Mindfulness in Human Development (2018-2019)
The presence of yoga and meditation in educational settings has steadily increased, making its way from the periphery (after-school programs, yoga clubs) to a central part of school culture and curriculum through innovative programs. A promising new field of study has emerged as researchers examine the mental, emotional and physical effects of yoga on children and adolescents in school settings. Despite the interest in yoga and mindfulness in K-12 settings, this developing research area faces many methodological and theoretical challenges. Many studies are small, rely on a single interval, do not have control groups and do not use a mixed methods or interdisciplinary approach. Moreover, there are questions about the elements of yoga practice as opposed to mindfulness itself, and gaining buy-in from parents, teachers and school administrators is often a challenge. These questions need to be investigated empirically to provide a trajectory of best practices.
This multiyear Bass Connections project brings together Duke and UNC Chapel Hill faculty and students, the nonprofit organization Y.O.G.A. for Youth NC as well as community educational partners. The researchers are analyzing the effects of a regular yoga and meditation practice on students’ mindfulness, emotional regulation, self-esteem, stress response, resilience, physical health, academic performance, social behavior and body image.
Although Y.O.G.A. for Youth has taught over 20,000 youth in its 20-year history, only one published research study has been conducted on the effects of its curriculum. The team’s findings will provide the organization with important information regarding the effectiveness of the curriculum and contribute to the growing field of yoga and mindfulness in K-12 settings.
The 2017-18 Bass Connections team expanded the work from the afterschool program to the school day at Phillips Middle School in Chapel Hill. The team introduced yoga into the school day through training key administrators and teachers in the 40-hour Y.O.G.A. for Youth Teacher Training program. Y.O.G.A. for Youth teachers led weekly classes in the classrooms of those teachers, who also began each day with five minutes of yoga/meditation (Monday through Thursday) and time for writing in journals about their the experience every Friday.
The 2018-19 team will analyze the effectiveness of this approach through administering surveys and mood scales; conducting interviews with the yoga classroom teachers and their students; observing yoga teachers and classroom teachers; and obtaining academic and discipline records pre-, mid- and post-intervention of all yoga and control participants.
The team will also host an Embodied Learning Summit that will bring together educators, parents and students to explore the intersection of social justice, educational systems and research on yoga and mindfulness. Open to all community members, the free event will feature a keynote speaker, several workshops, panels and time for yoga practice. Following the event, the team will collect feedback from attendees and facilitate the continuation of conversations around these topics by sending out a monthly newsletter to connect attendees to relevant events and resources.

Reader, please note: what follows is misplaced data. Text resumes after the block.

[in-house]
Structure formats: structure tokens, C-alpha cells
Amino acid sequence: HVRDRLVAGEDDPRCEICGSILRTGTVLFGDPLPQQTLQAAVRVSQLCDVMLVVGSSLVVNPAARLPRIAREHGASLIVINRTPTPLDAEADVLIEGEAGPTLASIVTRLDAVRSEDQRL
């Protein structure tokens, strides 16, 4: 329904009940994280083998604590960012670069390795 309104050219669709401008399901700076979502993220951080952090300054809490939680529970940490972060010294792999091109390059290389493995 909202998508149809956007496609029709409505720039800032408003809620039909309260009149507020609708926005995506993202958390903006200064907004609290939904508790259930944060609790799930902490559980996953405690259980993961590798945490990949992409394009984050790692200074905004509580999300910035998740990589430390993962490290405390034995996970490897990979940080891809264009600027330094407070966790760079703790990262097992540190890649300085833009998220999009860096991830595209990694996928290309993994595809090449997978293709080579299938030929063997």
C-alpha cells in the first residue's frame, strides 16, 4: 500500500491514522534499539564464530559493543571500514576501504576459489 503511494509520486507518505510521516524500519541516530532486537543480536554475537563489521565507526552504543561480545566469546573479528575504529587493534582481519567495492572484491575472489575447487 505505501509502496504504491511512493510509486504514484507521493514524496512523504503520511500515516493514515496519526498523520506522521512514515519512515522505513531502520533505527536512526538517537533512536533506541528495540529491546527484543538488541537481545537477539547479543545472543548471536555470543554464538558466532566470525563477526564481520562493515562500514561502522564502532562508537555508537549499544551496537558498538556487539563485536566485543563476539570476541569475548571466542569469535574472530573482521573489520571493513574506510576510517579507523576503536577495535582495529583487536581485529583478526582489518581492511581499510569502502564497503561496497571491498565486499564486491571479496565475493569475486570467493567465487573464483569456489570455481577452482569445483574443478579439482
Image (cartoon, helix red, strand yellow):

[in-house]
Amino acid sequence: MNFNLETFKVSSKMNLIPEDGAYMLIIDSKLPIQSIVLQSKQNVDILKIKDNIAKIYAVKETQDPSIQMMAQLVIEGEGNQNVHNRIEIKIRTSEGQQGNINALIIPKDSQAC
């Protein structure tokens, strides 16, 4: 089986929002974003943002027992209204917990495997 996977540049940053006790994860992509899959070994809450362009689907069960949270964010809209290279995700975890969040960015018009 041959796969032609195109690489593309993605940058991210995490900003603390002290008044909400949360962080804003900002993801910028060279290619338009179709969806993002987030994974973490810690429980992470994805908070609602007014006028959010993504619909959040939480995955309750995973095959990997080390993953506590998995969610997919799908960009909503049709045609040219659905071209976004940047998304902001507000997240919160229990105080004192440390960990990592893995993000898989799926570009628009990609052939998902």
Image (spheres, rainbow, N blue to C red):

Presentations at Embodied Learning Summit and other conferences (Yoga in the Schools Symposium and Research Summit, Contemplative Practices for 21st Century High Education Conference, National Kids Yoga Conference, International Symposium for Contemplative Studies); two manuscripts for publication; sustainable model for bringing Y.O.G.A. for Youth and other yoga programs into the school setting
Fall 2018 – Spring 2019
- Fall 2018: Planning for Embodied Learning Summit; yoga and research project orientation sessions; pre-intervention survey administered; Y.O.G.A. for Youth weekly classes and daily “yoga & mindfulness moments” implemented and continue for the year; team members observe Y.O.G.A. for Youth and yoga classroom teachers; team administers 5-minute mood measure before and after yoga classroom classes and control group classroom classes; mid-intervention student survey administered
- Spring 2019: Collection of pre- and mid- academic and discipline records; data entry of academic and discipline records, fall teacher observations and pre- and post- class mood surveys, and Y.O.G.A. for Youth and yoga classroom teacher protocol forms; individual interviews with yoga classroom teachers; team members observe Y.O.G.A. for Youth and yoga classroom teachers; team administers 5-minute mood measure before and after yoga classroom classes and control group classroom classes; data entry of teacher observations and pre- and post- class mood surveys; transcribe and code interviews with classroom teachers; Embodied Learning Summit planning and hosting; administer post-survey and collect post- academic and discipline records; focus groups with students; data entry of post-survey and post-academic and discipline records, Y.O.G.A. for Youth and yoga classroom teacher protocol forms from January to April; transcribe and code focus groups; analyze data and begin writing for publication
Team Outcomes to Date
Embodied Learning Summit, February 23, 2019
- Michele Berger, Department of Women's & Gender Studies, UNC-Chapel Hill
- Keval Kaur Khalsa, Arts & Sciences-Dance
/undergraduate Team Members
Tiffany (Roxy) Ghadimi, Neuroscience (AB)
Taylor Shabani, Computer Science (BS)
Emilia Soulios, Int Comparative Studies (AB)
/yfaculty/staff Team Members
Katherine (Kibby) McMahon, Trinity - Psychology and Neuroscience-PHD
Amy Patel, Social Science Research Institute
/zcommunity Team Members
Briana Bernstein, Undergraduate Student, UNC-Chapel Hill
Y.O.G.A. for Youth
Chapel Hill-Carrboro Public School System
Sat Bir Singh, Harvard Medical School
Morgan Vickery, Undergraduate Student, UNC-Chapel Hill (Computer Science & Human Dev)